Until changes come from the U.S. government, what does this mean for you as a job seeker when North Americans are somewhat excluded from the low wage housekeeping, maintenance, and kitchen support staff positions? Fortunately, a majority of cruise ship passengers are North Americans, so cruise lines are eager to hire Americans and Canadians (& other native English speakers) for customer service positions involving interaction with English-speaking tourists. This includes shore excursion directors, retail clerks, bartenders, cruise staff, casino staff, child care and hosts, just to name a few. Not only do these positions pay far better than most other shipboard jobs, they’re more interesting, carry more privileges and freedom to roam all areas of the ship and mingle with passengers, and often afford better living quarters than lower-wage jobs.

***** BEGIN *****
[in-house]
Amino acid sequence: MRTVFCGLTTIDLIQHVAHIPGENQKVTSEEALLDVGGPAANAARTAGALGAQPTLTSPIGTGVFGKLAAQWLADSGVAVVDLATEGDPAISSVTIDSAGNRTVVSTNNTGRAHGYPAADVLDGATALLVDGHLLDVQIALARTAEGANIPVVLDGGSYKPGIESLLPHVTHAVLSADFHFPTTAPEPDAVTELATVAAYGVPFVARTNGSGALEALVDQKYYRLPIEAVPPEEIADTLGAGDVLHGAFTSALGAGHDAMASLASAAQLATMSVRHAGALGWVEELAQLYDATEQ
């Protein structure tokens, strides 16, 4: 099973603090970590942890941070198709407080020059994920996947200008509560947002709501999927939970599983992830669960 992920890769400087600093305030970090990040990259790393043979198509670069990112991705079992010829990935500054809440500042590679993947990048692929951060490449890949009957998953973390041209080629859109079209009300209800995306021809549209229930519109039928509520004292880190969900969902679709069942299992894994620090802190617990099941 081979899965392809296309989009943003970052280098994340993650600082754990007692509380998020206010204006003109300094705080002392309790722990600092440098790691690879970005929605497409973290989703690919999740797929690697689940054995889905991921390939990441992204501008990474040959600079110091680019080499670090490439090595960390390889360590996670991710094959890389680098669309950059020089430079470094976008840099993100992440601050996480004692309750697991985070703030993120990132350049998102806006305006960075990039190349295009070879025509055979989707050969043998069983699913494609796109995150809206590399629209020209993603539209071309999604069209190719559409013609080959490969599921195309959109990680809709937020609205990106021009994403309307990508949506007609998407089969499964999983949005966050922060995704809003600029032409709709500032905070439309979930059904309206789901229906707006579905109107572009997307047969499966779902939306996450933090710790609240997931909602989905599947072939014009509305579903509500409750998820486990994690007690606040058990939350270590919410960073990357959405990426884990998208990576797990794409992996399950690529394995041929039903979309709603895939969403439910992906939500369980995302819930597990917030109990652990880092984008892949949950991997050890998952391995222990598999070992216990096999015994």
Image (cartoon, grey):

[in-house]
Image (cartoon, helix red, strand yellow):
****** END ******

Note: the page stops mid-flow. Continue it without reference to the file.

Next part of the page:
Of course, the drawback to this arrangement is that many low-skill jobs that would normally be entry-level on land simply won’t be available to you on many of the foreign flagged vessels. This means that for these vessels, you must work hard to convince cruise lines that you already have the skills necessary to work on board in more specialized positions, such as casino work, retail sales, or aerobics instruction. Also, you must sell yourself as having the ability to interact well with passengers, one of a personnel manager’s primary concerns. This may be easier than you might initially think. We provide some great exercises and examples in our Getting Hired section and our Job Hunting section.